Cell division protein DivIB influences the Spo0J/Soj system of chromosome segregation in Bacillus subtilis
- Publication Type:
- Journal Article
- Molecular Microbiology, 2005, 55 (2), pp. 349 - 367
- Issue Date:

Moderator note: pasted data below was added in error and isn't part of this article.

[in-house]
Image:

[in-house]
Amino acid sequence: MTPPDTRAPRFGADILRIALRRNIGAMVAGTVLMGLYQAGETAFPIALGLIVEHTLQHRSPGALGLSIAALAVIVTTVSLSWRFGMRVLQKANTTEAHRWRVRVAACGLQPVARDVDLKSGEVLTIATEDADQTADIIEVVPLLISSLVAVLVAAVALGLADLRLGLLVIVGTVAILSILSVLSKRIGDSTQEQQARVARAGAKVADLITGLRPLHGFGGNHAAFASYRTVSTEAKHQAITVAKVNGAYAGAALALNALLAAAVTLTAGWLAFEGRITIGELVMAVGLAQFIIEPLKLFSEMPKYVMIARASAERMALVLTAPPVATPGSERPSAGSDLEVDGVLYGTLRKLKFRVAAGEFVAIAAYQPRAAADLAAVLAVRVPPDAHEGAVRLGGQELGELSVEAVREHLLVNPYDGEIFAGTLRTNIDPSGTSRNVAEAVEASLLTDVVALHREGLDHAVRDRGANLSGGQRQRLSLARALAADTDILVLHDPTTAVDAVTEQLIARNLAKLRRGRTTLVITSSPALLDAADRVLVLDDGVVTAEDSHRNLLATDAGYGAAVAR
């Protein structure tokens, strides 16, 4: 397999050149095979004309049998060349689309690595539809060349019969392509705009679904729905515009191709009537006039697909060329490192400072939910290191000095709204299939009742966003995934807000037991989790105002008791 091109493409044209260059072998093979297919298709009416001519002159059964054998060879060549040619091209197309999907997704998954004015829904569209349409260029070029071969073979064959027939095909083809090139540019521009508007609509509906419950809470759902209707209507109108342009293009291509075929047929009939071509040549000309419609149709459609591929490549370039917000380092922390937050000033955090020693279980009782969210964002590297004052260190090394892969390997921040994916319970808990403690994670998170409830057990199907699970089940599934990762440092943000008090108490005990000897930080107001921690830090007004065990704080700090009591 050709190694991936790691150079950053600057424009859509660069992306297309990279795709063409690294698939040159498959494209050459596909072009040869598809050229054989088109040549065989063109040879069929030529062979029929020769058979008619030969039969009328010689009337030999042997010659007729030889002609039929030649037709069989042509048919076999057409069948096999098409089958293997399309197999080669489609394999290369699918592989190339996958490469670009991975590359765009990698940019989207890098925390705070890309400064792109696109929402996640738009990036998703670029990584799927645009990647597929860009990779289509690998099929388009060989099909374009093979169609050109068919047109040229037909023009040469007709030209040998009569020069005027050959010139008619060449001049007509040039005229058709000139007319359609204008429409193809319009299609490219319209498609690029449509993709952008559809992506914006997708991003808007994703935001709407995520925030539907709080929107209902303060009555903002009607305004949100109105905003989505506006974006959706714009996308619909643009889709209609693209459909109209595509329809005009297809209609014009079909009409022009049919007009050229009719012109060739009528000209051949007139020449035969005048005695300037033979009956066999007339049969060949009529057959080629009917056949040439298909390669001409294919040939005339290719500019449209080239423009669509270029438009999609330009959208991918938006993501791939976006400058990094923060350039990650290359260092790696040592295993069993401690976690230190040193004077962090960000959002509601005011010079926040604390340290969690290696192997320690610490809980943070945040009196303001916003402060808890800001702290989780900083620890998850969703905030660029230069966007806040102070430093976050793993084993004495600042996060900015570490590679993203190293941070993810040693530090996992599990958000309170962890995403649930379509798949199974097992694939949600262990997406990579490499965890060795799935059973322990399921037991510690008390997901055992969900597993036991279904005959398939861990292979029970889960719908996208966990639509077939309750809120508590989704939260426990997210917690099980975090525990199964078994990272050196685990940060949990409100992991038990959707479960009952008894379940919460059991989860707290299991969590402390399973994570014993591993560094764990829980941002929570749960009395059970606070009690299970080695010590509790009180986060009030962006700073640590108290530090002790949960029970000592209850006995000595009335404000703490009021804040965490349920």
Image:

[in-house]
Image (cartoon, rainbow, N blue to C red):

The initiation of the developmental process of sporulation in the rod-shaped bacterium Bacillus subtilis involves the activation of the Spo0A response regulator. Spo0A then drives the switch in the site of division septum formation from midcell to a polar position. Activated Spo0A is required for the transcription of key sporulation loci such as spollG, which are negatively regulated by the Soj protein. The transcriptional repressing activity of Soj is antagonized by Spo0J, and both proteins belong to the well-conserved Par family of partitioning proteins. Soj has been shown to jump from nucleoid to nucleoid via the cell pole. The dynamic behaviour of Soj is somehow controlled by Spo0J, which prevents the static association of Soj with the nucleoid, and presumably its transcriptional repression activity. Soj in turn is required for the proper condensation of Spo0J foci around the oriC region. The asymmetric partitioning of the sporangial cell requires DivIB and other proteins involved in vegetative (medial) division. We describe an allele of the cell division gene divIB (divIB80) that reduces the cellular levels of DivIB, and affects nucleoid structure and segregation in growing cells, yet has no major impact on cell division. In divIB80 cells Spo0J foci are not correctly condensed and Soj associates statically with the nucleoid. The divIB80 allele prevents transcription of spollG, and arrests sporulation prior to the formation of the asymmetric division septum. The defect in Spo0A-dependent gene expression, and the Spo-phenotype can be suppressed by expression of divIB in trans or by deletion of the soj-spo0J locus. However, deletion of the spo0J-soj region does not restore the normal cellular levels of DivIB. Therefore, the reduced levels of DivIB in the divIB80 mutant are sufficient for efficient cell division, but not to sustain a second, earlier function of DivIB related to the activity of the Spo0J/Soj system of chromosome segregation.
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